W. Va. Code § 51-2-2 provides for actions to remove any cloud to the title to real property. This provision can be used to resolve disputes as to the construction or interpretation of deeds and is often used in tandem with a suit to establish title by adverse possession.


In West Virginia, the adverse possession period is ten years. Other states may have longer periods, but the standard to prove adverse possession is similar. One must prove that they have held the tract adversely or hostilely, that the possession has been actual, that it has been open and notorious, that the possession has been exclusive, that possession has been continuous for the period required and has been under claim of title or color of title. Syl. Pt. 1, Somon v. Muphy Fabrication & Erection Co., 160 W. Va. 84, 232 S.E.2d 524 (1977). Proof of these elements must be made by clear and convincing evidence.


When a person dies without a will, their real property (including oil and gas, minerals or royalty) passes by the laws of intestate succession in the state where the real estate is situated. The intestate succession statutes in West Virginia are found at W. Va. Code § 42-1-3 and W. Va. Code § 42-1-3A.

W. Va. Code § 42-1-3 provides that in general, the surviving spouse of the intestate decedent will receive the entire estate IF the decedent left behind no descendants OR all of the decedent’s surviving descendants are also descendants of the surviving spouse AND the surviving spouse has no descendants who are not also descendants of the surviving spouse. If the surviving spouse has descendants who are not descendants of the surviving spouse, the surviving spouse would inherit 3/5ths of the deceased intestate’s share and the remainder would pas according to W. Va. Code § 42-1-3A. If the decedent had one or more descendants who are not descendants of the surviving spouse, the surviving spouse would inherit ½ of the intestate decedent’s estate.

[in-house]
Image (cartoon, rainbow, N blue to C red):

W. Va. Code § 42-1-3A specifies how any portion of the decedent’s estate that does not go to the spouse will descend. It descends in the following order, to the decedent’s descendants by representation; if no descendants to the decedent’s parents, and if no parents to the descendants of the decedent’s parents. If there are no surviving descendants of the decedent’s parents, then it will pass to the decedent’s grandparents or descendants of the decedent’s grandparents.


John and Mary are married and had three children together. Neither John nor Mary have any children other than these three. When John dies intestate owning 40 acres of oil and gas in Tyler County, West Virginia, Mary will inherit all of John’s interest.

Jack and Diane are married. Jack has one child, Maeve, from a previous marriage and two children with Diane, Katie and Pat. Diane dies intestate owning a share of royalty in Greenbrier District, Doddridge County, West Virginia. Jack would receive 3/5ths of Diane’s interest in the royalty. Maeve, Katie and Pat would each receive 2/15ths (1/3 x 2/5) of Diane’s interest.

Peggy is a widow who had three children, Nancy, Joseph and Bobby. Bobby is deceased but survived by his son, Bobby, Jr. Joseph is deceased and survived by his four children, Hank, Enrique, Joe Jack and Donna. Nancy is still living. Peggy dies owning 20 acres of surface, oil and gas in Mannington, Marion County, West Virginia. Nancy and Bobby, Jr. would each inherit 1/3rd and Hank, Enrique, Joe Jack and Donna would each receive 1/12th (1/4 of 1/3) of Peggy’s surface, oil and gas.


Testate succession is the law of wills. In a will, a property owner can determine who will receive his or her property upon the owner’s death. Wills provide a great deal of flexibility and typically a person can devise their property to whoever they choose. The validity of the will is measured by the law of the state where the testator resided at the time the will was made. West Virginia law requires that in order to be valid, a will must be either: (a) written entirely in the testator’s own handwriting (what is known as a “holographic will”) or (b) signed by the testator in the presence of two witnesses who also sign the will. W. Va. Code § 41-1-3

While no special form is otherwise required for a will, you should consult with a competent attorney prior to creating one. The testator’s choice is largely only constrained by the effects of estate taxes and the so-called forced or elective share statute contained in W. Va. Code § 42-3-1. This statute provides that a surviving spouse is entitled to at least a portion of their deceased spouse’s estate, regardless of the terms of the will.

If you are a West Virginia, Pennsylvania, or Ohio mineral or landowner with questions about your rights, contact the oil and gas attorneys at Goddard & Wagoner,  today for a free consultation. We’ll use our resources to protect yours. (304) 933-1411